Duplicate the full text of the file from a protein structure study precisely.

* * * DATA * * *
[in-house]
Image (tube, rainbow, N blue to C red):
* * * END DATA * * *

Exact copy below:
[in-house]
Image (tube, rainbow, N blue to C red):